On a panel discussion on promoting economic transformation through enabling business environment, there was a discussion that pointed to the mile stones that had been achieved since the operationalization of devolution. It is evident devolution has opened up the business environment in the country and the county governments have created platforms to attract investors. This was highlighted as one of the greatest gains in investment through devolution with their being clear memory of the investment conferences the counties have held in the past 4 years. This has promoted the development of agriculture among other sectors due to the increased interest in investing in the counties. One of the issues that came up was the level of taxation on different commodities which has become an hinderance to businesses in the devolved system. It is important to note one of the issues the clients of KCIC in renewable energy have been struggling with is the levels of taxation and this especially for solar product accessories.

The panel discussion at the conference on Agricultural transformation for food security, rural development and wealth creation was guided by the objective of identifying opportunities for improving the efficiency and cost effectiveness of agricultural services in devolved system to enhance food security. From the discussions it was evident food security is not about the bulk production of food but it’s about access and affordability of food to a countries population.  Therefore, for Kenya to meet food demands for its population, county governments should focus on support to small holder agriculture and invest in agricultural extension services.  Another recommendation on the food security was to avoid duplication of roles between the two levels of government and also diversification in farming.

From the conference various recommendations were made which include the realignment of the National government agencies and regional development authorities to the devolved system of governance. The strengthening of intergovernmental relations institutions to improve the coordination amongst the devolved units and also the National and County Governments coordination. From the conference it was also recommended there should be an increase in the funding to the County Governments with the understanding that functions were devolved but there was no equal devolution of resources to the county governments. This was emphasized by the Civil Society Organizations noting the funding directed to state parastatals is actually higher than of the county governments. It was also farther recommended that there is need for caution in the legislation process at the National government to ensure legislations adopted do not lead to recentralization or even undermine devolution.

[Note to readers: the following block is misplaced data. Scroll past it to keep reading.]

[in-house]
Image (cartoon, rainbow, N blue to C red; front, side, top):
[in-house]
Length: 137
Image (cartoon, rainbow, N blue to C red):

It is evident devolution has brought about major gains and our particular interest being areas KCIC works around (Water, agriculture and renewable energy). Although from the conference it was not clear what proper gains had been realized in this sectors it is fundamental to note energy and agriculture were major issues discussed at the conference bringing out the commitment of the government in the promotion of agriculture within the devolved units. Institutions like KCIC have a lesson to learn from the civil society submissions which were clear the private sector and the CSOs role in devolution is to monitor and also under take evidence based advocacy on issues of interest. It is important to note to influence government the non-government players must be willing to gather substantial information on the sectors and have proper justifications for inclusions and exclusions they desire in government policy.  The success of devolution will be determined by the effort all stakeholders put.

By Sarah Makena.

Picture: courtesy Business Daily